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Posts published in “Tutorial”

‘Meeting for Good’ – Schedule Meetings in Multiple Time Zones

The Screening Room

One of the great joys of open source is that it can unite geographically dispersed people to work together on software and other projects. This often happens asynchronously, via email and other tools. However, sometimes there are real benefits to having a live meeting. When that happens, keeping track of people’s availability in different time zones becomes a challenge.

Phil ShapiroPhil Shapiro

For the past 10 years, Phil has been working at a public library in the Washington D.C.-area, helping youth and adults use the 28 public Linux stations the library offers seven days a week. He also writes for MAKE magazine, Opensource.com and TechSoup Libraries. Suggest videos by contacting Phil on Twitter or at pshapiro@his.com.

Using SlideWiki for OpenCourseWare

Open source is about much more than free (as in beer and speech) software and hardware designs. It’s being harnessed to do things like bring free or affordable health care to undeveloped nations, and as the underpinning for free education.

The Screening Room

Collaborative teaching and learning can theoretically occur via a text wiki, but SlideWiki looks like it goes far beyond text wikis. This Google Hangout explains the rich feature set of SlideWiki, including machine translated versions of your digital presentations.

Phil ShapiroPhil Shapiro

For the past 10 years, Phil has been working at a public library in the Washington D.C.-area, helping youth and adults use the 28 public Linux stations the library offers seven days a week. He also writes for MAKE magazine, Opensource.com and TechSoup Libraries. Suggest videos by contacting Phil on Twitter or at pshapiro@his.com.

Review of BeansBooks, Released Under ‘Open Code’ License

Before using BeansBooks, be sure to take a look at its “open code” license, which is a free software license but incompatible with the GPL and all GPL compatible licenses, whether “copyleft” or “permissive.”

The Screening Room

Open software often reduces the barrier to entry for small businesses. FOSS fans might well have heard of personal and small-business accounting software GnuCash, which is taught in the Penn Manor School District in Lancaster, Pennsylvania and described in Charlie Reisinger’s book The Open Schoolhouse. Less well known is BeanBooks, an “open code” SaaS accounting program created by the well-known folks at System76, which came onto my radar just recently. This screencast review of the software does a good job showing you its features.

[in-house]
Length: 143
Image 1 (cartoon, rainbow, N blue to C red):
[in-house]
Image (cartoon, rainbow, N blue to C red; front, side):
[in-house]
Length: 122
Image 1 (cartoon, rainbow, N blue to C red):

Phil ShapiroPhil Shapiro

For the past 10 years, Phil has been working at a public library in the Washington D.C.-area, helping youth and adults use the 28 public Linux stations the library offers seven days a week. He also writes for MAKE magazine, Opensource.com and TechSoup Libraries. Suggest videos by contacting Phil on Twitter or at pshapiro@his.com.

Four Things a New Linux User Should Know

When you move from “that other operating system” to Linux, you’re going to find that in most ways you’ll be in familiar territory. However, that’s not always the case. We sometimes do things a little differently around here.

Linux

If you’re making the move from Windows or Mac (or even from Android or iOS), welcome to our world.

These days, using Linux for doing everyday computer tasks isn’t that much different than using other operating systems — meaning the learning curve is only slight. In fact, my colleague Phil Shapiro works at a library that uses Linux on the computers its patrons use and says that hardly anyone even notices they’re not using Windows. It’s that easy.

However, there are some things about using Linux that are quite a bit different — and we think better — than with the other brands. Here’s a brief heads up on some things that might be good for you to know before you cross the bridge from you-don’t-realy-own-it Windows to free-open-and-yours Linux.

Christine HallChristine Hall

Christine Hall has been a journalist since 1971. In 2001, she began writing a weekly consumer computer column and started covering Linux and FOSS in 2002 after making the switch to GNU/Linux. Follow her on Twitter: @BrideOfLinux

Growing Young FOSS Programmers With Help of Scratch and Al Sweigart

If your young child is showing an interest in learning computers, an introduction to Scratch and these instructional videos by Al Sweigart might be in order.

The Screening Room

Scratch Cat
Scratch Cat, the programming language’s mascot.

Talented book author Al Sweigart is a name familiar to many in the FOSS community. He writes books for kids and for adults — including the recently released Scratch Playground. Scratch is a free visual programming language developed at MIT Media Lab as an introduction to computer programming.

His zeal and talent for explaining is remarkable. I’ve been enjoying the “60 Second Scratch” screencasts (explanatory videos) he has been uploading to YouTube in the past two weeks. For example, check out this little gem:

Phil ShapiroPhil Shapiro

For the past 10 years, Phil has been working at a public library in the Washington D.C.-area, helping youth and adults use the 28 public Linux stations the library offers seven days a week. He also writes for MAKE magazine, Opensource.com and TechSoup Libraries. Suggest videos by contacting Phil on Twitter or at pshapiro@his.com.

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